An architecturally significant home gifted to Cal Poly Pomona in 1980 will be part of an Oct. 4-5 conference in Los Angeles that will investigate the power of experimental art installations to remake the spatial and social realities of modernist house museums.
Cal Poly Pomona and the College of Environmental Design are the owners and caretakers of the Neutra VDL House, which was designed and lived in by Richard Neutra, one of the most influential architects of the modernist era and a former Cal Poly Pomona professor.
“Intervention: Contemporary Artists and the Modern House” will examine how different historic houses are revitalized and offer insight into philosophical approaches to a period of architecture, the conflicts surrounding viewing architecture as artifact, and debates over preservation versus reuse, according to www.neutra-vdl.org, the Neutra VDL House website. The conference, which will also take place at the MAK Center and Hollyhock House in Los Angeles, provides an opportunity for house curators, preservationist, designers, artists and historians to present and discuss the body of knowledge that has emerged from these experimental projects, according to the website.
Panelists will include Xavier Veilhan, considered to be one of the leading artists of his generation, and Santiago Borja, a conceptual artist from Mexico City, as well as directors of several modernist houses, including Sarah Lorenzen, chair of the Department of Architecture at Cal Poly Pomona and director of the Neutra VDL House. Lorenzen will be on a morning panel on Oct. 4 at the Schindler’s Kings Road House at the MAK Center, 835 N. Kings Road, West Hollywood.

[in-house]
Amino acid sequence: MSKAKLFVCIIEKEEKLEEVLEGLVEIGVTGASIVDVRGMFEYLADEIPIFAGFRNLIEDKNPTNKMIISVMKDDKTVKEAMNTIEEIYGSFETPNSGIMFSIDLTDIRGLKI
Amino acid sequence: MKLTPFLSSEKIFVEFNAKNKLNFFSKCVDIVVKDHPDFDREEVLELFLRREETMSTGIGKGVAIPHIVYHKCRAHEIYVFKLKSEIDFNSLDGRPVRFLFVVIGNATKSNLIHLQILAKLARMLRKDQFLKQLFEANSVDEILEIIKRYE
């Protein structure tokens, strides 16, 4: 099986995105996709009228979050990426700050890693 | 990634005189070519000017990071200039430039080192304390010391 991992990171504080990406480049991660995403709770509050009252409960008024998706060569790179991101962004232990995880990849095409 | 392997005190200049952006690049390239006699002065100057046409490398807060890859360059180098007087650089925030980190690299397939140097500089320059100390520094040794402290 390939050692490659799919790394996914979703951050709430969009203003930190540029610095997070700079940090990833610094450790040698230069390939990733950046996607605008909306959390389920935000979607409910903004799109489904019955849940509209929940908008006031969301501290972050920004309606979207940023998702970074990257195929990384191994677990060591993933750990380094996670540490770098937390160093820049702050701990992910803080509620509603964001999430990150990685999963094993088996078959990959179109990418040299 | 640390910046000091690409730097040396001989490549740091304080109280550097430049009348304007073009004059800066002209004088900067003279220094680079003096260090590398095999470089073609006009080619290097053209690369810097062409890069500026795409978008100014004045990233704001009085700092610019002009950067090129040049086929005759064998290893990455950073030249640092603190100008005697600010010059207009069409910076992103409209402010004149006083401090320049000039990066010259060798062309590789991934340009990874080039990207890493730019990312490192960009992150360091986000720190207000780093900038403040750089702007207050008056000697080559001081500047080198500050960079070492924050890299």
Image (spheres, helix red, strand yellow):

The keynote speaker for the conference will be Jorge Otero-Pailos, an architect, historian and theorist, who is an associate professor of architecture, planning, and preservation at Columbia University. Otero-Pailos will speak in the afternoon on Oct. 5 at the Hollyhock House, 4800 Hollywood Blvd., Los Angeles.
The Neutra VDL House at 2300 Silver Lake Blvd. will host a reception from 6 to 8 p.m., Oct. 4, as part of the conference. To reserve a spot at the reception, visit http://bit.ly/interventionreception.
Neutra lived on the property for 40 years, and it is where he completed the majority of the 300 projects that were built under his name. He is considered by many to be the second most known architect after Frank Lloyd Wright and was on the cover of Time magazine in August 1949.
Neutra served as a professor at Cal Poly Pomona in 1969 during a joint appointment with the architecture, landscape architecture and urban planning departments, but he passed away in 1970. Neutra’s wife, Dione, donated the house in 1980 to the university’s College of Environmental Design. When Dione passed away in 1990, the house was deeded to the Cal Poly Pomona Foundation. The College of Environmental Design and the Department of Architecture were tasked with maintaining the house.
The Neutra VDL House is highlighted by its use of glass as well as reflecting pools and rooftop gardens. Tours of the Neutra House, which are free for Cal Poly Pomona faculty, staff and students, are from 11 a.m. to 3 p.m. Saturdays and are given by College of Environmental Design students.
For tour information, visit http://bit.ly/neutratour.